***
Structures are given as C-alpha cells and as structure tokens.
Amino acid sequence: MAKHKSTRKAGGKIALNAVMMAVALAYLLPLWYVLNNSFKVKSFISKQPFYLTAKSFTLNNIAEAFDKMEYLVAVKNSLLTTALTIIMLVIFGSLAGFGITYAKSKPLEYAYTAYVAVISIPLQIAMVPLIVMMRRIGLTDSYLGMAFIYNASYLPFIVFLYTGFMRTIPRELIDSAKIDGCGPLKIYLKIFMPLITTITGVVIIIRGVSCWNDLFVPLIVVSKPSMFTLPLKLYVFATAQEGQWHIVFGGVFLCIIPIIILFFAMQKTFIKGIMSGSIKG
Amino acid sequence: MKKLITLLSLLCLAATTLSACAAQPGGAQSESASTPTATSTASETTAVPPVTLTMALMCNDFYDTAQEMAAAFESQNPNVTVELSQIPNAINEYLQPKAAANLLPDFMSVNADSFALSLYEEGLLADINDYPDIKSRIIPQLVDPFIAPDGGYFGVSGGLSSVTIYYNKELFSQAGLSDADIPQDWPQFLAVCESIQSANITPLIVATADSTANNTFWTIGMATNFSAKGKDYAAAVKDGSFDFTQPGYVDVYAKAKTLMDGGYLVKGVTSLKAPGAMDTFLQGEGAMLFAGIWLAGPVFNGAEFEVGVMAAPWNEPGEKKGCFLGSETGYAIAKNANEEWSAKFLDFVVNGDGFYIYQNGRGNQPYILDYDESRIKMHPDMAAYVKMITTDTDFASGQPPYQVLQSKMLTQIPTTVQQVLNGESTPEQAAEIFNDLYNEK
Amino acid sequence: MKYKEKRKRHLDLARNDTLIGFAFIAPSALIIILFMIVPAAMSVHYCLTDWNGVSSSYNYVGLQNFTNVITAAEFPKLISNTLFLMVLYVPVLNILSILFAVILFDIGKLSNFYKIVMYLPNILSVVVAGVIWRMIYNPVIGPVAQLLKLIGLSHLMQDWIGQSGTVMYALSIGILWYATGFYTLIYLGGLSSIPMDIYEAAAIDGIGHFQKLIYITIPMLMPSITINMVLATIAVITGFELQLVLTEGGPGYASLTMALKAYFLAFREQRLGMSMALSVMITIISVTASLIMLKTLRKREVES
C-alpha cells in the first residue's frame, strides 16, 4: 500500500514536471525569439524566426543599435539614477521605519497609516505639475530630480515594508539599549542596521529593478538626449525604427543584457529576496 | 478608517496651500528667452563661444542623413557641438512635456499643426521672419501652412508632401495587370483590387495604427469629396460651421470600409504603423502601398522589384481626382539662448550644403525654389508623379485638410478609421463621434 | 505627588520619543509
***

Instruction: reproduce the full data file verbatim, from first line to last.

Structures are given as C-alpha cells and as structure tokens.
Amino acid sequence: MAKHKSTRKAGGKIALNAVMMAVALAYLLPLWYVLNNSFKVKSFISKQPFYLTAKSFTLNNIAEAFDKMEYLVAVKNSLLTTALTIIMLVIFGSLAGFGITYAKSKPLEYAYTAYVAVISIPLQIAMVPLIVMMRRIGLTDSYLGMAFIYNASYLPFIVFLYTGFMRTIPRELIDSAKIDGCGPLKIYLKIFMPLITTITGVVIIIRGVSCWNDLFVPLIVVSKPSMFTLPLKLYVFATAQEGQWHIVFGGVFLCIIPIIILFFAMQKTFIKGIMSGSIKG
Amino acid sequence: MKKLITLLSLLCLAATTLSACAAQPGGAQSESASTPTATSTASETTAVPPVTLTMALMCNDFYDTAQEMAAAFESQNPNVTVELSQIPNAINEYLQPKAAANLLPDFMSVNADSFALSLYEEGLLADINDYPDIKSRIIPQLVDPFIAPDGGYFGVSGGLSSVTIYYNKELFSQAGLSDADIPQDWPQFLAVCESIQSANITPLIVATADSTANNTFWTIGMATNFSAKGKDYAAAVKDGSFDFTQPGYVDVYAKAKTLMDGGYLVKGVTSLKAPGAMDTFLQGEGAMLFAGIWLAGPVFNGAEFEVGVMAAPWNEPGEKKGCFLGSETGYAIAKNANEEWSAKFLDFVVNGDGFYIYQNGRGNQPYILDYDESRIKMHPDMAAYVKMITTDTDFASGQPPYQVLQSKMLTQIPTTVQQVLNGESTPEQAAEIFNDLYNEK
Amino acid sequence: MKYKEKRKRHLDLARNDTLIGFAFIAPSALIIILFMIVPAAMSVHYCLTDWNGVSSSYNYVGLQNFTNVITAAEFPKLISNTLFLMVLYVPVLNILSILFAVILFDIGKLSNFYKIVMYLPNILSVVVAGVIWRMIYNPVIGPVAQLLKLIGLSHLMQDWIGQSGTVMYALSIGILWYATGFYTLIYLGGLSSIPMDIYEAAAIDGIGHFQKLIYITIPMLMPSITINMVLATIAVITGFELQLVLTEGGPGYASLTMALKAYFLAFREQRLGMSMALSVMITIISVTASLIMLKTLRKREVES
C-alpha cells in the first residue's frame, strides 16, 4: 500500500514536471525569439524566426543599435539614477521605519497609516505639475530630480515594508539599549542596521529593478538626449525604427543584457529576496 | 478608517496651500528667452563661444542623413557641438512635456499643426521672419501652412508632401495587370483590387495604427469629396460651421470600409504603423502601398522589384481626382539662448550644403525654389508623379485638410478609421463621434 | 505627588520619543509